Our handy guidebook said that the view from Mount Walker is incredible, with views of Seattle and also Mount Rainier. As we were driving up Mount Walker, all we saw was a curious deer and more and more fog. By the time we arrived at the viewpoint, we could barely see the trees in front of us. So much for the incredible views! We had also planned on hiking the Rainbow Canyon Nature Trail, but we couldn’t find the trail head! Supposedly, it was at the back of a campground in the same area as Mount Walker, but there were no signs for a campground or the trail. We were persistent, however, and stopped by a Ranger station to search the map for the elusive trail. The map showed that the campground entrance was right across the street from the entrance to Mount Walker. We drove back and parked by a gravel road that had been blocked off. As we walked back into the forest, we could see campground sites that we hadn’t noticed before because they were completely overgrown. This was obviously a campground that wasn’t in use anymore. At the very back of the campground, just like the guidebook stated, we saw the trailhead sign.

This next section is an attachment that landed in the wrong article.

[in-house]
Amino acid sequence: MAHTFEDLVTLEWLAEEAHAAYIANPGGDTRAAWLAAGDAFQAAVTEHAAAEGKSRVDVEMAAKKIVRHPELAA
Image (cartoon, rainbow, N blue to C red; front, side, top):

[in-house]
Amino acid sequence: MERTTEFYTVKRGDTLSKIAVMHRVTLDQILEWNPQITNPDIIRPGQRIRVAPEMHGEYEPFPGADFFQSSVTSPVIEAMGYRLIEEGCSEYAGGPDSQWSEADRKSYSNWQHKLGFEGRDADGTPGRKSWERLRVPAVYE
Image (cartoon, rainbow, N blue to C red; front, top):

The trail was very narrow and closed in. No one else was there, of course, since it was so hard to find! As we descended into the canyon, wet ferns brushed up against our legs, and we felt as though we were walking in a Jurassic era forest. The girls were a little freaked out by the quiet, dense trail. The youngest started to look quite anxiously  around the forest for mountain lions. That is the one thing we didn’t want to see!

Have you been to Olympic National Park? If you haven’t, add it to your vacation list!

 

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Beaches! Acadia National Park, Part 3

Maine has a very rocky coastline. On our last day in Maine, I walked behind the rest of the family and soaked in the ocean view.

We had explored the tide pools and rocky beaches for our entire stay, and yet it didn’t seem as though we explored enough.

Lily and Emmy exploring tide pools

We even took a chance and went swimming in the frigid waters of the Atlantic ocean. The ocean temperature rarely exceeds 55 degrees in the summer!

Sand Beach

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Rocks! Acadia National Park, Part 2

Read Part 1 here.

The ranger in the visitor center video said that he used think about the national parks out west when he thought of rocks, such as Arches National Park, the Grand Canyon, and so on. But he soon discovered that Acadia, this national park of the East, is very rocky as well. As did we! The trails were all made up of rocks; rocks that pounded the bottom of our feet and made them ache after miles of hiking; rocks that threatened to twist our ankles as we bounded among them; rocks that were tricky to climb up and even trickier on the way down.

These rock cairns were one way the trails were marked.